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Former Liberian leader Charles Taylor sentenced to 50 years in prison (+video)

An international court proceeding ended Wednesday with the sentencing of Taylor, who was convicted of aiding and abetting numerous war crimes in Sierra Leone.

The chief justice in the Special Court for Sierre Leone hands down the sentence to former Liberian President Charles Taylor.
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Former Liberian President Charles Taylor was jailed for 50 years on Wednesday for helping Sierra Leonean rebels commit what a court in The Hague called some of the worst war crimes in history.

Taylor, 64, was the first head of state convicted by an international court since the Nazi trials after World War Two and the sentence set a precedent for the emerging system of international justice.

In an 11-year war that ended in 2002, Sierra Leone's Revolutionary United Front rebels murdered, raped and mutilated their way across Liberia's West African neighbor, helped by Taylor as he profited from a trade in so-called blood diamonds.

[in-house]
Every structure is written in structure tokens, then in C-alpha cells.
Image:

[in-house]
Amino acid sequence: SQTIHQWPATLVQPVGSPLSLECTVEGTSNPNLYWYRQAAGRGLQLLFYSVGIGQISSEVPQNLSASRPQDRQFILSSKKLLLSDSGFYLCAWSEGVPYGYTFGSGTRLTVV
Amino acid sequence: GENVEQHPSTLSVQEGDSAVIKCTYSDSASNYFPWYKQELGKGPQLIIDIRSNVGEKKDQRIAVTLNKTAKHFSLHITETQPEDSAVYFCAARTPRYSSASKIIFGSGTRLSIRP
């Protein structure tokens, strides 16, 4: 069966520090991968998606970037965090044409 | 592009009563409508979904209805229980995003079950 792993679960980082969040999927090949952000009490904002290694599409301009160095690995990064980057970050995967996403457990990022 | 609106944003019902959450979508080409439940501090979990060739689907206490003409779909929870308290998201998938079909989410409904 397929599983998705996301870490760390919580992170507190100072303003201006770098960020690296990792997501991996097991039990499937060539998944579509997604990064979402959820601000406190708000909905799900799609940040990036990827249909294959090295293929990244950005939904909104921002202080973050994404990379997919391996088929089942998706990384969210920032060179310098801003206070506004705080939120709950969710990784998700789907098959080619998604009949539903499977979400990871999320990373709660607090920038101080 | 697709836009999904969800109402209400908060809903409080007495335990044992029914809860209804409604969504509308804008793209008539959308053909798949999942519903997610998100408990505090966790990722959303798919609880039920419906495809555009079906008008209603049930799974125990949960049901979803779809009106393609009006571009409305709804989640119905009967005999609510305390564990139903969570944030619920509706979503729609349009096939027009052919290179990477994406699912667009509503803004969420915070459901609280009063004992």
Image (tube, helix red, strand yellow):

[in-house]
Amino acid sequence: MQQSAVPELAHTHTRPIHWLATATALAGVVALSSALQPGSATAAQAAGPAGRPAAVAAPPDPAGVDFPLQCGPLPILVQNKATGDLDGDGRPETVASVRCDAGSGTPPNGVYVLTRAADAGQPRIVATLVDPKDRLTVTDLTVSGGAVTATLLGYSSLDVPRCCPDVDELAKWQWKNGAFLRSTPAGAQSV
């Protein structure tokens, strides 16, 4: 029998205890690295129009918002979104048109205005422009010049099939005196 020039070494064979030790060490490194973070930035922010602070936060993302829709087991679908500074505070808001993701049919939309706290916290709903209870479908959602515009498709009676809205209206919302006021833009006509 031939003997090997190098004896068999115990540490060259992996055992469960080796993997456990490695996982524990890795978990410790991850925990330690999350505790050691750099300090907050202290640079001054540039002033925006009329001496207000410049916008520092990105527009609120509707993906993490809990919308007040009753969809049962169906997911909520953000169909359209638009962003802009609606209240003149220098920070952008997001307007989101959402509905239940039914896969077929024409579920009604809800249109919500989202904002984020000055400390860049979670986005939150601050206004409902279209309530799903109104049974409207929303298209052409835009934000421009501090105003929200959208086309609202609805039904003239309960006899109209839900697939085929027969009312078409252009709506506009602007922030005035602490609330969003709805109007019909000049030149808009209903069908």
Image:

"He was found responsible for aiding and abetting some of the most heinous and brutal crimes in recorded history," said the Special Court for Sierra Leone's presiding judge Richard Lussick, emphazising that the world was "entering a new era of accountability."

Although shorter than the 80 years that prosecutors had sought, the sentence set a precedent for an international justice system aimed at deterring future war crimes. The court rejected all the defense's appeals for leniency.

"It is really significant that Taylor's status as a former head of state was taken as an aggravating factor as far as his sentence was concerned," said Geraldine Mattioli-Zeltner of Human Rights Watch.

"That is a very important precedent and I hope that Syria's Bashar al-Assad and Sudan's Omar Hassan al-Bashir take note."

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